Whether or not you experience side effects during or after radiotherapy depends on many factors. These include the strength of the radiation dose, the part of the body being treated, and what organs are within the irradiated area. What’s more, radiation affects different people in different ways.
In most cases the side effects are only temporary. They may appear a few days after treatment and some can last for a few weeks.
Tiredness is the most common general side effect of radiotherapy. It can arise after only a few treatment sessions. Its exact cause is not known. It is suspected that it may come from the body breaking down the cancer cells that die during the therapy.
The side effects that occur directly within the scope of the applied radiation include skin irritations. Not unlike sunburn, the skin can become sensitive and slightly reddened. After three or four weeks the skin may become dry and start to peel, which is sometimes associated with itching. After that it often gets darker because of increased pigment formation.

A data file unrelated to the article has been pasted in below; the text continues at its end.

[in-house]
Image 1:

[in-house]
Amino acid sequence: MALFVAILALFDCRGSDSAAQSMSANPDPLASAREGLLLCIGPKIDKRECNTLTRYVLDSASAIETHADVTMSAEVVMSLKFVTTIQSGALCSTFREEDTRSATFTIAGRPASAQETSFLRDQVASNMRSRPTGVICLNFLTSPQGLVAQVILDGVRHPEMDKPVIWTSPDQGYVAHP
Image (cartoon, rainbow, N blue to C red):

Radiotherapy used near the digestive tract can cause nausea, vomiting or diarrhea.
Many of these side effects can be effectively treated, for example by using medication.
Whenever possible, the medical staff will attempt to protect your genitals (testicles or ovaries) from the radiation so it doesn’t affect your fertility. If radiotherapy needs to be used in your pelvic region, the doctor will inform you of possible harmful effects and give you advice on how they can be kept to a minimum.